Opening Lecture Highlights

OPENING LECTURE HIGHLIGHTS

quotes from marina abramovic

Photographs by Victor Takayama
Thursday, March 12 - 2015

Terra Comunal - MAI features a series of eight scheduled lectures delivered by Marina Abramovic on the subject of performance art. The first lecture takes place at the main auditorium of SESC Pompeia with a live audience of 800 people and many more watching via live stream on the SESC and MAI websites.The talk begins a series designed to deepen understanding of performance art.

In her opening lecture, Abramovic separates examples of performance art into five body-based categories: head, feet, chest, hands, and stomach. Each category has a corresponding lecture within the series, which begins with 20 videos of performances focusing on the human head by various artists including herself, spanning from the 1970’s to more contemporary selections. Later, she conducts a Q&A session with the audience.

Abramovic asks the crowd to close their eyes. She counts as they slowly inhale and exhale 12 times.

Selected quotes and highlights:  

"Performance is a transition of consciousness, from that ordinary human being to an extraordinary one." 

The lecture starts with Abramovic’s acknowledgement of her early performance pieces during the mid 1970’s in her home country of Serbia. She talks about the feeling of putting the body in perspective with performance.

"Performance is time-based art. And it's real - a knife is a real knife and blood is real blood."

What is the difference between performance and theater? The latter deals with emulations of reality, acting and scenographic elements - everything is artificial, while the former is about having a truly real experience. Performance stretches the limits of body and mind and reframes the notion of time.

"Art is not about matching a painting with your carpet at home: it should be disturbing, questioning, bring up your fears." 

At this point, Abramovic starts to show some performances that reinforce the potential of using just the head in such an unusual way that it’s jarring, probing at established habits and mindsets. She also says it's ironic to think that art must be beautiful, because it should be transformative; and there has to be friction for transformation to occur. Just then, Art Must Be Beautiful, Art Must Be Beautiful (1975) is screened, one of her early works (currently on view at Terra Comunal - MAI) in which she repeats the title phrase like a mantra while violently brushing her hair.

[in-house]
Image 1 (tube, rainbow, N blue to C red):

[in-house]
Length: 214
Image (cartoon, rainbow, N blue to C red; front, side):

"A crisis happened to performance arts in the 70's: there was nothing to sell. With immaterial performance art, all that's left is memory"

Right before showing a video in which artists perform inside a nightclub, Abramovic provides some context of performance art history in her early career. In the 1970’s, performance artists started to present their work in a more formal and cohesive way, as the 1960’s were prototypical and paved the way for this form of art. The crisis was about intangibility: until then, the business of art was almost exclusively about exhibiting, buying and selling tangible works: paintings, sculptures, drawings. The inability to commodify their work put a lot of pressure on performance artists.

She explains that in the 1980’s, as the AIDS epidemic created a whole new way the body was viewed by individuals and society, performance artists started to realize they didn't necessarily need to show work inside galleries or museums. Places of cultural- and countercultural- expression such as nightclubs played an important role in the rise of the resulting site-specific performances.

Abramovic shows video clips of the remaining works focusing on the head as the medium, and then opens a Q&A session.

A man asks about The Artist is Present. Marina takes him to the stage and they make eye contact in silence for a minute

"Once you are there, looking at me, in the middle of a room with people all around the room, being watched, filmed and photographed, you have no other place to go but inside yourself. That's when you feel present"

Another audience member asks about art and feminism, and Abramovic states that art shouldn't be put in that perspective. Whether an individual is female or male, homosexual or heterosexual, transgender or cisgender, Abramovic feels that gender should disappear when performing

"I'm a female, but I'm not a female artist. I'm an artist. Art has no gender. The only division possible for art is: good art and bad art" 

The artist also answers questions about who she was and who she is now, taking time to give more context about her early days. She notes a few curiosities about her background and discusses how that affected her work, like growing up in Belgrade when it was part of Yugoslavia and the strictness of her mother Danica. Abramovic describes her 1970’s persona as "wild.”

One of the last questions is about the boundaries between spirituality and art, and if there's a need for art to enhance spirituality.

"Spirituality is different from art. But you need spiritual consciousness to make a good work."

The speech ends at 10pm with warm applause.

Check our calendar for dates and times of the other seven lectures to be delivered by Marina Abramovic.


Terra Comunal - MAI is free and open to the public until May 10, 2015 @SESC Pompeia, São Paulo - Brazil.